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Data driven into the ditch. (And calling a tow-truck.)


About two years ago, I and my colleagues tallied eight weeks of instructional time that went directly to summative assessments provided by the school, district, and state/Federal. We asked, and then begged, for a reasonable conversation and dialogue, but it fell on deaf ears. One test cost $8 per student, and I’m not sure we ever saw the results. Imagine you’re a doctor, you treat a patient, and then never know whether the treatment was effective. It’s kind of like the Schrödinger’s cat of education. Is the test alive, or dead? If you open the box and confirm it, you just killed the cat, jerk.

Well here in Washington State, we’re kind of in a cat box right now. (Not THAT kind of cat box, gross!) So many juniors did not take the SBA test, the data is invalid for those who did. Education writers around the country are discussing our state:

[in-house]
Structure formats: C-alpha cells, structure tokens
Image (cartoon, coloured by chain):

NEWSFLASH: Washington State on 2015 SBAC results: Never mind.

Our local NPR affiliate, KUOW, recently reported High Stakes Testing Efforts Hampered by Opt-Out Movement.

Going to pause right here: I, and many educators, experience fatigue when trying to explain the differences between the Common Core State Standards and their second cousins once removed assessments, SBAC and PARCC. And I’m not even sure how much of an emotional investment I feel about the SBAC: this isn’t about me. It never has been. It’s about students and their parents. What I am proposing is not a slog through the Swamp of Standardized Testing. As my son told me, it’s like Obi-Wan cautioning about Sand People:

Standardized Assessments: they always come back in greater numbers...
Standardized Assessments: they always come back in greater numbers…